Aaron Rinehart is co-founder and CTO at chaos engineering startup Verica along with Casey Rosenthal from Netflix. Aaron began pioneering the application of security in chaos engineering during his tenure as the chief security architect at the largest private healthcare company in the world, UnitedHealth Group (UHG). While at UHG, Aaron released ChaoSlingr, one of the first open source software releases focused on using chaos engineering in cybersecurity to build more resilient systems. In a recent interview with Aaron, we discussed why it may be advantageous to apply the principles of Chaos Engineering and Security Differently to DevOps practices.
Aaron: The trigger for ChaoSlingr was inspired by a number of different things I suppose. I first learned about the concepts of Chaos Engineering when UnitedHealth Group hired its first Site Reliability Engineer (SRE), Patrick Bergstrom from BestBuy.com. The first week that Patrick started at the company, several folks mentioned that Patrick and I had to meet. Following the guidance of my trusted friends and colleagues, we put some time on the calendar and got to know each other. Patrick described to me what an SRE is, the mission he was hired for at UHG and what kinds of things SREs do.
Having previously worked in Reliability and Safety Engineering at NASA, I was initially skeptical but curious about a Reliability Engineer being hired at the company. It wasn't until after Patrick explained to me what SREs do that I saw the clear difference. When Patrick was the role of SREs, he started talking about this concept of Chaos Engineering. He described it in terms of something that his team did at BestBuy.com to improve the resilience and quality of BestBuy.com’s technical infrastructure.
Later that evening I woke up from sleeping, thinking about the concepts of Chaos Engineering and writing experiments in the form of hypotheses. There was something about it that made sense to me for security as well but I couldn't put my finger on it initially. It wasn't until I started thinking about some of the challenges I was facing as the Chief Security Architect that it became clear. The challenge that struck me initially was the issue I had with uncertain and incomplete technical architecture artifacts that engineers and architects would bring to me along with asking for Security Architecture recommendations. I genuinely wanted to provide these folks with good security control recommendations but I was never sure how accurate the inputs were, which ultimately affects the outputs I give back to them. Furthermore, I was never sure if the guidance I provided was actually implemented or implemented correctly. I needed a way to ask the computer the questions to get the answers and validation I needed. Security Control validation was the original Genesis thinking behind applying Chaos Engineering to Security with ChaoSlingr.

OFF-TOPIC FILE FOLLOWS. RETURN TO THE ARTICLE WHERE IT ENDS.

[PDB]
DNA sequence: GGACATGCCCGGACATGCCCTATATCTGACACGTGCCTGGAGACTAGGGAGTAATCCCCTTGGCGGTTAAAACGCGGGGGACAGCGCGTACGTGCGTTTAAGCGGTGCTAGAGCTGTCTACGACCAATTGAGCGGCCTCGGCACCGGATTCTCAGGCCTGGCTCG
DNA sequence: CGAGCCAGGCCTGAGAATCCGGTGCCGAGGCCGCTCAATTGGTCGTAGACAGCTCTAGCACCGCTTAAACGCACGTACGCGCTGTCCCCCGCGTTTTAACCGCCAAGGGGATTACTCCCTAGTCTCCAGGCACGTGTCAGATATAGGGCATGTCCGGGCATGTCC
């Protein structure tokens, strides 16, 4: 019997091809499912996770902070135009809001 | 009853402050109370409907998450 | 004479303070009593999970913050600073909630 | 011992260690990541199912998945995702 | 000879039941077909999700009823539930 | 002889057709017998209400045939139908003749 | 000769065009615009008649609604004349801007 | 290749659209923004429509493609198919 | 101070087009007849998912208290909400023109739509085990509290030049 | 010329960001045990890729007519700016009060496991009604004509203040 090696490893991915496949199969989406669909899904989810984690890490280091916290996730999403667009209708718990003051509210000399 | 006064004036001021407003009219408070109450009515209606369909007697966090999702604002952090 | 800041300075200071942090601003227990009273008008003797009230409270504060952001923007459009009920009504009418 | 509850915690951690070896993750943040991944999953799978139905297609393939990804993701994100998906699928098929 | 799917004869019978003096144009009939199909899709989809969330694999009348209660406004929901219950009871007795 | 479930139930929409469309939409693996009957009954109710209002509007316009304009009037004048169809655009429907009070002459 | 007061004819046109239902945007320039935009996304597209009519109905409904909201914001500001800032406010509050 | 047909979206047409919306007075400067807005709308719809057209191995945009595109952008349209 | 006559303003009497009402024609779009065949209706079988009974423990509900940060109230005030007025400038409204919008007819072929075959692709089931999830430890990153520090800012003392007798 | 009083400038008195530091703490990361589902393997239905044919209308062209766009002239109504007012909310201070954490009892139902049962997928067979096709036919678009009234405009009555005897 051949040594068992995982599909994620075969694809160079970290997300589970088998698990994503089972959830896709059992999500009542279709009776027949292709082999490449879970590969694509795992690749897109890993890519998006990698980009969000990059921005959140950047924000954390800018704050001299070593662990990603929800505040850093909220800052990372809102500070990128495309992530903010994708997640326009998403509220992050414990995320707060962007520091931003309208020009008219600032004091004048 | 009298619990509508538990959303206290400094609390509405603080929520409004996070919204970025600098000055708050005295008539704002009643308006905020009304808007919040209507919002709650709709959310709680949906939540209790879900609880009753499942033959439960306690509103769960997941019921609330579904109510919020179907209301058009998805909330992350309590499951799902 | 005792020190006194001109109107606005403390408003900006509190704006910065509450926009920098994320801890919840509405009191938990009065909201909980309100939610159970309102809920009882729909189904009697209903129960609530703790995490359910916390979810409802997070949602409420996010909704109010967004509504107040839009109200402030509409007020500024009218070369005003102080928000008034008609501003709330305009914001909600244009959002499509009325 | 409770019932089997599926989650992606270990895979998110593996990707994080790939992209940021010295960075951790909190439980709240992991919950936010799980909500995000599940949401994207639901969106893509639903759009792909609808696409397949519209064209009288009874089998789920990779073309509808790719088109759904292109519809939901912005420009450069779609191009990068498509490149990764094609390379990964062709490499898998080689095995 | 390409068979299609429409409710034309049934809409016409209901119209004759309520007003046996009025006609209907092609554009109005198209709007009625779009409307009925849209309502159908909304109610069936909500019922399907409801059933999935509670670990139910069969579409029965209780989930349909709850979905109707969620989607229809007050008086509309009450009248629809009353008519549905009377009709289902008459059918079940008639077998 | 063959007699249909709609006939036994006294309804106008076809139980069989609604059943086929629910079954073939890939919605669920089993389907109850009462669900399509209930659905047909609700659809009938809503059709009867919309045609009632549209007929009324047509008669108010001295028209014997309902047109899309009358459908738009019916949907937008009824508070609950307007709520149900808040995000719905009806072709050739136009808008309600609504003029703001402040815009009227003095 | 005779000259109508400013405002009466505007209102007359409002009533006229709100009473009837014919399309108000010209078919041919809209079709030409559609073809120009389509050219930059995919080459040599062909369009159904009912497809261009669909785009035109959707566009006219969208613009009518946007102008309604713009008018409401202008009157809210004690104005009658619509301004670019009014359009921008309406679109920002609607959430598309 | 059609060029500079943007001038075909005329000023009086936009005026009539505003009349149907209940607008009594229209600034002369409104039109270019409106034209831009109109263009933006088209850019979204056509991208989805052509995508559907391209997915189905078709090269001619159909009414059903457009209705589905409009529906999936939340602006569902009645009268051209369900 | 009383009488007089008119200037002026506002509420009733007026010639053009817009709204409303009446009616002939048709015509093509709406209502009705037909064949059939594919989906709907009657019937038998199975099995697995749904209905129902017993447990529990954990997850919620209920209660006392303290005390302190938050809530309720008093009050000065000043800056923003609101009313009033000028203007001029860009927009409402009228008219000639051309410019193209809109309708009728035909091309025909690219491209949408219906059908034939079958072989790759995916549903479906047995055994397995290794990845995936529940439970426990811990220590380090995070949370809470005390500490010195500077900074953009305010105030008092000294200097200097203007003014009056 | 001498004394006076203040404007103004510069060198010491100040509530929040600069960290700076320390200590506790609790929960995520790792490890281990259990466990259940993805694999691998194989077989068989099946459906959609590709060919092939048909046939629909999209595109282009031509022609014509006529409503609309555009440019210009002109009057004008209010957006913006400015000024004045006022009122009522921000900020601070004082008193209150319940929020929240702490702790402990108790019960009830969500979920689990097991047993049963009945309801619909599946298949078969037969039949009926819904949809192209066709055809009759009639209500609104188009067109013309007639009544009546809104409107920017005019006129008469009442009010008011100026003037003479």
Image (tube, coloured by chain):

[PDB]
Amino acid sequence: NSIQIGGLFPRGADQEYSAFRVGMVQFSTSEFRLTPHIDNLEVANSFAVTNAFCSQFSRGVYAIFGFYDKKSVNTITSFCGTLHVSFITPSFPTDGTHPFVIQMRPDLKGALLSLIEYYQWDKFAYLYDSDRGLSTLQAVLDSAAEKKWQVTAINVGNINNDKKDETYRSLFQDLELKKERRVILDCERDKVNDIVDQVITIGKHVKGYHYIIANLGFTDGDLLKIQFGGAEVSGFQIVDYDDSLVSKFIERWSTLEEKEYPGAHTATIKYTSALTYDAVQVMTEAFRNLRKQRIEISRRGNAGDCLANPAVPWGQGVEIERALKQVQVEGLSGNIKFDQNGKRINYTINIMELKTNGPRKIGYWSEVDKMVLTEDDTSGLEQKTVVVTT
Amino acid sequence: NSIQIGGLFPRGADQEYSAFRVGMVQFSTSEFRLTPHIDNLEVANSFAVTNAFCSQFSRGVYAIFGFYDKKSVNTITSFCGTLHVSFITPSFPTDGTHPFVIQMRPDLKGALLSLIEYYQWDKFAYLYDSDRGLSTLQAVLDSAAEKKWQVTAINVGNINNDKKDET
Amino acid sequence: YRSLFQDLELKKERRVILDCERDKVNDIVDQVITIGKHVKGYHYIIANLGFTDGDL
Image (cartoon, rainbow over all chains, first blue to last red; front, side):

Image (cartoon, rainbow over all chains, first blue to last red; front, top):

So, the trigger to kickstart the ChaoSlingr project partially came from a novel new idea, a potential solution to a core problem, and lastly I wanted to continue to challenge the company’s leadership by showing them what was possible. After being part of the DevOps transformation I wanted to identify another way we could pull the company forward.
In regards to the Open Source question, we initially weren’t even thinking about that as an option—mostly because we weren’t even sure what we were doing at first. This was an unfunded group of passionate engineers, architects, and basically volunteers wanting to work on interesting ideas. Once we got about three weeks into the project, someone threw out the idea that we make this our first open source project. The timing was not only ideal, also I was in the right position to make it happen. Prior to working on the project I had been involved in working with our Open Source Attorney, Kevin Nelson, in the creation and approval of our Open Source Software Consumption and Contribution Policies. I additionally worked with Kevin to iron out and implement an official process for approvals and artifact collection to properly meet the company’s needs in open sourcing a software project.
It made it seem like a possibility, given I knew the process, who was needed and so on. We brought a few more folks to the growing initiative to help us with the paperwork and, after about eight weeks, we not only released the company’s first Open Source Software project but also introduced a new method of instrumenting security to the industry. There is a reason why there are so many names listed in the GitHub repo for ChaoSlingr. Not everyone on that list worked on the code for ChaoSlingr, but—given the project was unofficial and unfunded—people put extra time in their day to work on it and see it succeed. For some folks it was helping with the legal paperwork, for others it was writing and testing code.